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Taliban rule forces Afghan universities to abandon classes, curtains in classrooms

Professors and students grappled with the Taliban’s restrictive new rules for the classroom on the first day of the Afghan school year. Taliban leaders have promised a softer rule than during their first term in power from 1996-2001 when women’s liberties in Afghanistan were severely curtailed and they were banned from higher education. According to the hardline Islamist group, women will now be allowed to enroll in private universities, but their clothing and movements will be severely limited.

As the Taliban stated, women can only attend class if they wear an abaya — a flowing robe — and a niqab — a face veil with a small window — and are separated from men. ‘We will have to close the university,’ said Noor Ali Rahmani, the director of Gharjistan University in Kabul, on an almost empty campus on Monday. ‘Our students wear the hijab, not the niqab,’ he said, referring to a headscarf.

Taliban officials released a lengthy document on Sunday outlining their plans for classrooms, which also ruled men and women should be separated – or at least separated by a curtain – if there are more than 15 students. Rahmani told AFP that he couldn’t accept it because it would be difficult. Besides, it’s not what the Koran demands. From now on at private colleges and universities, which have mushroomed since the Taliban’s first rule ended, women can only be taught by other women, or ‘old men’, and use a women-only entrance. To prevent them from mixing outside, they must also end their lessons five minutes earlier than men. So far, the Taliban has not mentioned public universities.

The fact that women would still be able to attend university under a new Taliban regime, however, was a relief to some students. On social media, Zuhra Bahman, who runs a scholarship program for women in Afghanistan, said she had spoken with some of the students. She said that they are happy to go back to university in hijab. ‘We must continue to engage to agree on other rights and freedoms’, Jalil Tadjlil, a spokesman for the capital’s Ibn-e Sina University, said separate entrances had already been created for men and women.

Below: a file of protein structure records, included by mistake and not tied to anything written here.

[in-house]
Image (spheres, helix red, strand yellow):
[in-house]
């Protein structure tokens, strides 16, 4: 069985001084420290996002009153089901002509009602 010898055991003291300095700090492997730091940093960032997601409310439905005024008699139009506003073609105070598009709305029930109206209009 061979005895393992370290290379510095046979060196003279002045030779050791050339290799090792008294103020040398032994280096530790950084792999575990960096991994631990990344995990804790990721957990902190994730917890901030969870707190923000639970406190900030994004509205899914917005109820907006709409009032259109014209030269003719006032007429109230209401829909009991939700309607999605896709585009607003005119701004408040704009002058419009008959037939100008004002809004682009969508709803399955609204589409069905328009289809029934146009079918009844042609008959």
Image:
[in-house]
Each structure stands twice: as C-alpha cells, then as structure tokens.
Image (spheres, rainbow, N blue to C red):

AFP quoted him as saying his office did not have the authority to accept or reject decisions made by the university and blamed a lack of students on the ‘ongoing uncertainty’. A picture of male and female students separated by a curtain was posted online by the university. Images posted on Facebook by its department of economics and management showed six women wearing the hijab and ten male students with a grey curtain between them while a male teacher wrote on a whiteboard.

On the first day of the semester, campus corridors are usually packed with students catching up after the summer. Kabul’s universities reported a particularly low turnout on Monday, leaving educators wondering just how many young, talented people have left the country as part of the ‘brain drain’. Rashmani said only 10 to 20 percent of the 1,000 students who enrolled last year were at Gharjistan University on Monday, even though classes were not scheduled. He believed up to 30 percent of the students left Afghanistan after the Taliban seized control in the middle of August. ‘We need to see if students come,’ he said.

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Women students are particularly at risk when traveling to campus, said Reza Ramazan, a computer science teacher at the university. He said checkpoints could be dangerous. After the Taliban took over, ‘everything changed completely’ for 28-year-old computer science student Amir Hussein. The lack of knowing what their future holds is the primary reason students aren’t interested in studying anymore. The majority of them want to leave Afghanistan.


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